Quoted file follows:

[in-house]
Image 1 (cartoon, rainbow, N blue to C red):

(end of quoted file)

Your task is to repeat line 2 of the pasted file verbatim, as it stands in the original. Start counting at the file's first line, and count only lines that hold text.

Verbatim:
Image 1 (cartoon, rainbow, N blue to C red):